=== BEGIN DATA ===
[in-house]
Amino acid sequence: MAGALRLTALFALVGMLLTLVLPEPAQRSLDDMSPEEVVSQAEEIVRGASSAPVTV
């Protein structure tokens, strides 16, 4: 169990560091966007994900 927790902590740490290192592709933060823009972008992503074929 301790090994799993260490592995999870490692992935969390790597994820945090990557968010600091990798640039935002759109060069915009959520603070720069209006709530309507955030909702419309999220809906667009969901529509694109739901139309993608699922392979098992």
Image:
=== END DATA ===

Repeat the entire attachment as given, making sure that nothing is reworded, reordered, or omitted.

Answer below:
[in-house]
Amino acid sequence: MAGALRLTALFALVGMLLTLVLPEPAQRSLDDMSPEEVVSQAEEIVRGASSAPVTV
């Protein structure tokens, strides 16, 4: 169990560091966007994900 927790902590740490290192592709933060823009972008992503074929 301790090994799993260490592995999870490692992935969390790597994820945090990557968010600091990798640039935002759109060069915009959520603070720069209006709530309507955030909702419309999220809906667009969901529509694109739901139309993608699922392979098992």
Image: